SBJ/August 31 - September 6, 1998/No Topic Name

Fleet team back after hard times

When Patrick McAuliffe assumed the leadership of Fleet Financial Group Inc.'s sports lending team a year ago, it was not exactly a moment for celebration.

The group had been decimated by the defection of several critical members who had worked for the recently acquired Shawmut Bank. Disgruntled with Fleet's management, they left to form their own company.

And just as the dust settled, things got worse. A key bank client had lied about his personal assets in obtaining a loan to buy the New York Islanders, landing Fleet back in the spotlight. The sports team chief resigned in disgrace.

Perhaps fed up with its sports people, Fleet turned to seasoned bankers with little or no sports experience.

Putting the team in the hands of bankers with minimal connections to sports was risky. More than most industries, sports has its own unique way of doing business, and outsiders can and do stumble.

While Fleet's once steady stream of deals has slowed — a lot of the bank's more than $900 million sports loan portfolio predates the current eight-member group — Fleet has persisted as a major player in the sports industry.

Fleet spent much of the last 12 months re-establishing the group with team and league executives familiar with its predecessors. Half of the team has been added since August 1997, including McAuliffe, who arrived that month.

"In the space of three to six months, I got a pretty good feel pretty quickly for ...the economics of the different leagues and teams," said McAuliffe, who had been a corporate banker with Fleet in New York. "When I call on someone to do business, Fleet Financial's [name] precedes me, and that is what opens the door."

In the year since McAuliffe arrived, Fleet has structured an innovative credit facility for Major League Baseball that contained the largest asset-backed securitization ever in sports. Fleet also managed the National Hockey League's credit facility and is advising Cablevision Systems Corp. chief executive Charles Dolan on his bid to buy the Cleveland Browns franchise.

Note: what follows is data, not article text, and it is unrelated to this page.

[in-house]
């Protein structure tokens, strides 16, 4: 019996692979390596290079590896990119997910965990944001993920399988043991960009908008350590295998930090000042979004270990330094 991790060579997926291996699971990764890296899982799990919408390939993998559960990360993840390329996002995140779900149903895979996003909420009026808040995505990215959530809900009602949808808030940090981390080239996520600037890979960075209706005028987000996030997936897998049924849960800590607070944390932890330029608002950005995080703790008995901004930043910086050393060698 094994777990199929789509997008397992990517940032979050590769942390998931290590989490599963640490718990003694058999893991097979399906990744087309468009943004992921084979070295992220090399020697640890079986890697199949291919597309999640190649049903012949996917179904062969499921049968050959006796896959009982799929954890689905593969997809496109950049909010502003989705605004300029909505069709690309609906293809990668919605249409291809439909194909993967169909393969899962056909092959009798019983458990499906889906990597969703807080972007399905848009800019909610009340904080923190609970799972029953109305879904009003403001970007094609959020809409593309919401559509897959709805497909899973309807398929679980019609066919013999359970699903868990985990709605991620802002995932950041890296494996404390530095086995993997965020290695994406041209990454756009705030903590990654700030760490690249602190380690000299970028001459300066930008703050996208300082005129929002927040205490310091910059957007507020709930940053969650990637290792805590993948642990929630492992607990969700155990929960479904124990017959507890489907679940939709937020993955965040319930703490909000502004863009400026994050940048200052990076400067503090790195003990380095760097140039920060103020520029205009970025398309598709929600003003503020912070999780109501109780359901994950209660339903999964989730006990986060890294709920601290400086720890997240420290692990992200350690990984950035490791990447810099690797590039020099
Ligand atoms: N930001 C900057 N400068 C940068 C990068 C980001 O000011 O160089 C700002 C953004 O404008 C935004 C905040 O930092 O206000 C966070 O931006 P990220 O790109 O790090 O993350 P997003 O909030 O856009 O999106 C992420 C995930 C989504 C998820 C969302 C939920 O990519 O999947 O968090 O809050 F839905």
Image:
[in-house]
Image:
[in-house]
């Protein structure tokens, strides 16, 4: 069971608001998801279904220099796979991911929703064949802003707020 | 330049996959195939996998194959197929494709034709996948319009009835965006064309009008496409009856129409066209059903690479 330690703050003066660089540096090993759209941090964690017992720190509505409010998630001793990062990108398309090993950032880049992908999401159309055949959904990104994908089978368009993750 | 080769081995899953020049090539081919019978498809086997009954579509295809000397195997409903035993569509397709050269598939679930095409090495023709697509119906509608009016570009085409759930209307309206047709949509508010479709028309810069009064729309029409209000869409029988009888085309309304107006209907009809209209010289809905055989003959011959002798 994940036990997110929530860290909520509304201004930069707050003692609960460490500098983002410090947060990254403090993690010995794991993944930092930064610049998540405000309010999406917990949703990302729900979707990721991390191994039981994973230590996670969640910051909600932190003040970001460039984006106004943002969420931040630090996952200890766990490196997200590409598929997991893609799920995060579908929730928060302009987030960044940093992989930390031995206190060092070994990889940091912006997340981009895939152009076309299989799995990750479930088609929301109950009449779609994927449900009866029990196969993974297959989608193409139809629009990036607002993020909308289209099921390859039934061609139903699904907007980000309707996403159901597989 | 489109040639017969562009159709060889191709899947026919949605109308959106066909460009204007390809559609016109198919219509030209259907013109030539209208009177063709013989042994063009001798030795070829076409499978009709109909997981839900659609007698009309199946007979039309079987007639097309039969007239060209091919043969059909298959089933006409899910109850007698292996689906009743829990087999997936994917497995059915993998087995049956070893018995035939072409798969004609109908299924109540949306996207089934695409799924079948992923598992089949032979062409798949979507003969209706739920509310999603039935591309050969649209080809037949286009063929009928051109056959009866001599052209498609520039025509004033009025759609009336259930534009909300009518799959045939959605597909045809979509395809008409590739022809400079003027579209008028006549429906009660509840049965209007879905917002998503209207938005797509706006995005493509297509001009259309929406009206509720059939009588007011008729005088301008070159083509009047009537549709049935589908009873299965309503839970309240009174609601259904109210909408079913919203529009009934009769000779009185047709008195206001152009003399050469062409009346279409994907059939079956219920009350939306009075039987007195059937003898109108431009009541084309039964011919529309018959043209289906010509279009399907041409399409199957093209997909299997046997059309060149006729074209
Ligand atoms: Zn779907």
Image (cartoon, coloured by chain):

Fleet wants to establish as its trademark sophisticated transactions, rather than the cozy relationships that produced sports loans in the past.

Traditionally, banks looked at sports relationships as image enhancers: Connections to popular icons helped bring in business. But ask a Fleet banker today about bonds, and he will tell you about the financing, not the left fielder for the San Francisco Giants.

This is emblematic of a major shift in sports finance. With teams selling for hundreds of millions of dollars, large banks like Fleet believe the stakes are high enough that financial expertise and product breadth will win the day. Don't expect Fleet sports bankers to talk sports, because they are, well, very bankerly.

"They are very straight-spoken, they get right to the point," said Joe McCormack, chief financial officer for the Los Angeles Lakers, who recently completed a Fleet-led debt restructuring.

The serious, big-bank approach, however, can backfire. The Boston Celtics, who, ironically, play in the Fleet Center, severed their longtime connection with Fleet in October and now bank with Rhode Island's Citizens Bank.

And despite Fleet's work for the Lakers, BankAmerica Corp. got the nod to finance construction of the new Staples Center, where the team will play. Philip Anschutz, a team co-owner, has close ties with BankAmerica.

But in at least one high-profile case, Fleet succeeded.

"This is not to disparage Crestar [Financial], but I was so impressed with Fleet I opened a personal account with them," said Art Modell, owner of the Baltimore Ravens, who lauded the bank for structuring a $185 million debt issue last year. Modell said he had given his bankers at Crestar and NationsBank Corp. opportunities to structure the deal, but because of NFL debt limits, no transaction materialized.

Fleet, however, proposed a complicated partnership structure that the NFL agreed to. Fleet's Dan Williams, a corporate finance banker who spends most of his time on nonsports matters, helped structure the Ravens transaction.

Being the new kid on the block has its advantages for McAuliffe, too.

Fleet was scorched last year after lending $80 million to John Spano's effort to buy the New York Islanders. Spano lied about his personal assets, and the brouhaha that ensued led to the ouster of some Fleet bankers.

The fiasco came after much of the group, who had worked at Boston-based Shawmut, had left to form Beacon Sports, a sports investment banking boutique.

So McAuliffe, not connected to those affairs, started with a clean slate. He is eager to make his mark.

"We have a comfort and a track record with teams and the leagues," he concluded. "We are flexible enough to change with the market, and see ourselves growing this business."

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